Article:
The Civilian Conservation Corps or "CCC boys" as they were nicknamed, were an integral part of creating many of the state parks throughout Florida. At Myakka, these hardworking men blazed trails, built bridges, dug the boat basin, erected the dam, and constructed many buildings still in use today.
President Franklin D. Roosevelt instated the Civilian Conservation Corps (CCC) as part of his New Deal, a group of economic-oriented legislation enacted in the height of the Great Depression. FDR used the Army’s organization and materials to provide camps for CCC enrollees, typically young men trying to support their suddenly-impoverished family. The Myakka Valley was granted a corps in 1934 to turn it into Myakka River State Park.
While the work was exhausting, the men of the CCC created an almost century-long impact in fewer than seven short years. The contemporary Visitor Center was a horse barn built by the CCC men. You can still see the hay doors above! Farther into the park, the Log Pavilion is also a surviving CCC building. The corps nearly clear-cut the trees around it and constructed the pavilion from the surrounding Cabbage Palms. The Log Pavilion was the original concession area in the park, and visitors can see the remnants of the boat dock on the river behind the pavilion. The Log Pavilion is now a favorite for weddings, birthday parties and family reunions.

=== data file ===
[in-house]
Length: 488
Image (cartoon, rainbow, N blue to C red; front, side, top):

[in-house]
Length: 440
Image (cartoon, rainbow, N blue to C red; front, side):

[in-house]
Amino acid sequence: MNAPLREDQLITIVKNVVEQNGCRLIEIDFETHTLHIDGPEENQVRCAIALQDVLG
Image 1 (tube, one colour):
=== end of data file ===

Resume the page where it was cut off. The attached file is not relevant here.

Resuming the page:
The Birdwalk, South Pavilion, cabins, boat basin, trails, staff housing and so much more are all indebted to the work of the CCC. These stand not only as historical sites, but as a testament to the hard work and dedication of these young men as they improved the world around them for generations to come.